DRAFT: This module has unpublished changes.

Jonathan Orrala

Scott Challener

WR 150-J6

5 March 2010


Cities, Bodies, and Sins:

Dante’s Interpretation of Hell as a Body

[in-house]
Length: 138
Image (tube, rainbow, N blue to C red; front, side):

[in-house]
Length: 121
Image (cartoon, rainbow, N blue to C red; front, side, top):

Dante Alighieri constructs the City of Dis in Inferno with hopes of organizing the lower part of Hell into a structured map that categorizes every circle with a particular punishment. To illustrate the many circles, structures, and sins of Hell, Dante uses a metaphor, paying close attention to word choice for specific regions.  Readers envision themselves climbing up to watchtowers, crossing a river, stepping into the gates of Dis, and encountering citizens along boroughs of the city, which become symbiotic to citizens’ sins.  Robert M. Durling captures the relationship that readers share with the city of Dis and how we may find it to be a metaphor for the disgustingness of all that is Hell.  To explain this relationship Durling states that body and sin are parallel, though I must disagree that this is the only relationship at hand.  As readers we dive into the depths of Hell, and watch sins become more serious, while the city depicts this with its atrocities and disgusting scenes. But just like any city can be ugly, so can the body politic.  Hale emphasizes the ideas of the body politic coincidently in his book “The Body Politic.”  Ultimately, Dante creates a complex world when he draws out the structure of Inferno, so it is only fair to pick apart what is apparent: the city, and model that into a larger idea: the body politic.